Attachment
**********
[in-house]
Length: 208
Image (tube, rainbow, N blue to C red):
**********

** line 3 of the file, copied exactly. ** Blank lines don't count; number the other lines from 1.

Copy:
Image (tube, rainbow, N blue to C red):